Behind the famous Berghain nightclub is a music venue and bar called Berghain Cantina in Friedrichshain. Numerous different live shows are featured here, and they have an excellent patio and rooftop terrace outside.
This bar and music venue is located in Urban Spree of Friedrichshain by Revaler Straße. Urban Spree is a below street-level area where in the daylight it looks like an abandoned industrial district covered in graffiti, but which during the evening, when the doors to the large barn buildings open up, turns into the core of nightlife revelry. Among all the club and bar venues at Urban Spree is Cassiopeia, which we visited not too long after moving to Berlin. The atmosphere is great for a night of fun!
Near Ostkreuz Bahnhof, between Friedrichshain and Rummelsburg, is a venue called Zukunft. The venue is a collection of all-things desirable: a bar, outdoor theatre, art space, and a music venue.
Many local Berliners are heavily into techno, so apart from attending shows where bands are playing real instruments, many Berliners visit clubs for the sole purpose of watching a new DJ perform.
We spent minimal time clubbing in Berlin, however the experience is quite entrancing. Berliners know instinctively how to set the mood by creating a dream-like atmosphere bathed in psychedelic imagery, seductive red lights or twinkling star lights, and pumping off-beat sounds; all of which combine into a sense of dangerous comfort. It stirs a fear of the unknown which you discover as you are intoxicated while cozily sitting in comfortable vintage sofas or chairs, sometimes dirty beds, completely hidden within the mystery of dim lighting.
Rather than “clubbing” (what we are used to in Canada), Berlin’s version of clubbing is more like a house party at your friend’s house. The kind of friend whose hair is always shaggy and disheveled; who wears shirts too small for him with teddy bear pictures; chain-smokes cigarettes; has pockets of dark circles under his eyes; and never cleans up after having people over.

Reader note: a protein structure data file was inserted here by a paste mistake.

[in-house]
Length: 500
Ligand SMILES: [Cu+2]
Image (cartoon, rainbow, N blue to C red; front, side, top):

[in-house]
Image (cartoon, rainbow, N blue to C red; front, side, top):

There are many rules regarding entry into a Berlin club, many of them designed to allow cool weirdos in and keep the straight-laced tourists or preppy people dressed in formal outfits, out. You should be able to at least answer in German when the bouncer asks you a question, and know which DJs are playing that night. Black is the go-to colour for your outfit if you want entry, but it depends on the club.
One rule Berlin clubs are very strict about is not allowing photos inside their venues, and even sometimes in certain bars.
We only visited Sisyphos and About Blank, both in east Berlin and had interesting nights, but local friends recommended plenty more to us: Tresor, Watergate, Kater Blau, Berghain, Kit Kat, and more.
Apart from typical Berlin street food such as Currywurst and Döners which we outlined in our Settling in Berlin post, here are some other budget-friendly and interesting places to eat.
Berlin is another big city built by immigrants, so there is quite a variety of foods from all different cultures. We found a chic yet laid-back Vietnamese restaurant in Friedrichshain called Chay Village. It is not only incredibly delicious and creative, but inexpensive.
Goodies and Yoyo
Many health-nuts and environmentally-conscious folks live in Berlin, so there is no shortage of vegan restaurants. Our favourite vegan dessert place was Goodies in Friedrichshain, along Warschauer Straße. They offer delicious desserts which are not only vegan and gluten-free, but also refined sugar-free.